90.708 5 .010 26.058

9.292 100.000

Any given loading can be squared to indicate the

proportion of the variance in that variable that

is accounted for by that canonical variate. The

sum of the squared loadings for a given variable

indicates the total proportion of variance

accounted for by the collection of canonical

variates. The average of the squared loadings for

a canonical variate is the adequacy coefficient

and indicates the proportion of variance in the

collection of variables that is accounted for by

the canonical variate. The redundancy coefficient

is the proportion of variance in a set of

variables that is accounted for by a linear

combination from the other set. The sum of the

redundancy coefficients gives the total

proportion of variance in one set that is

accounted for by the other set. These will

usually be different values for each set.

How easily does the procedure capitalize on

chance? Canonical correlation analysis has

elements of two proceduresprincipal components

analysis and multiple regression analysisthat

can capitalize on chance. It is important to

gauge how susceptible canonical correlation

analysis is to this problem.

A sample of 500 cases was generated, each with 10

variables from random normal distributions (m

100, s 10). The first 5 variables are

considered one set the remaining 5 variables are

considered the other set.

A few correlations are significant by chance

alone . . .

MANOVA x1 x2 x3 x4 x5 with y1 y2 y3 y4 y5 /print

signif(multiv dimenr eigen univ)

error(cor) /discrim raw stan cor alpha(1).

Multivariate Tests of Significance (S 5, M

-1/2, N 244 ) Test Name Value

Approx. F Hypoth. DF Error DF Sig. of F

Pillais .05241 1.04651 25.00

2470.00 .400 Hotellings .05346

1.04436 25.00 2442.00 .403 Wilks

.94845 1.04568 25.00 1821.77

.401 Roys .02742

The overall test of significance indicates that

there are no linear combinations that can be

formed between the two sets that would provide a

significant association.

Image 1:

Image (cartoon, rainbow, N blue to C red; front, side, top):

Eigenvalues and Canonical Correlations Root No.

Eigenvalue Pct. Cum. Pct. Canon Cor.

Sq. Cor 1 .028 52.738

52.738 .166 .027 2

.015 28.362 81.100 .122

.015 3 .006 11.294

92.394 .077 .006 4

.004 7.561 99.955 .063

.004 5 .000 .045

100.000 .005 .000

The largest canonical correlation represents the

best attempt to make sense out of the random

associations. That this value is so small

indicates that the procedure will not generate

strong associations where none are known to exist.

Dimension Reduction Analysis Roots Wilks

L. F Hypoth. DF Error DF Sig. of F

1 TO 5 .94845 1.04568 25.00

1821.77 .401 2 TO 5 .97519

.77454 16.00 1500.67 .716 3 TO 5

.98997 .55211 9.00 1197.55

.837 4 TO 5 .99595 .50066

4.00 986.00 .735 5 TO 5 .99998

.01187 1.00 494.00 .913

Given the overall nonsignificant test of

association, the dimension reduction analysis is

unnecessary. There cannot be any sets of linear

combinations that provide nonrandom associations

between sets.

Standardized canonical coefficients for DEPENDENT

variables Function No. Variable

1 2 3 4

5 X1 -.912 -.216 .111

.061 -.333 X2 -.174

.980 -.013 .114 -.132 X3

-.368 .025 .046 -.305

.884 X4 .139 -.117 .935

.306 .130 X5 .042

.052 .343 -.857 -.394

Correlations between DEPENDENT and canonical

variables Function No. Variable

1 2 3 4

5 X1 -.902 -.219 .108

.137 -.328 X2 -.182

.966 .116 .126 -.065 X3

-.350 .097 .069 -.374

.850 X4 .097 .005 .933

.330 .105 X5 .070

.081 .332 -.889 -.297

Although there are no significant canonical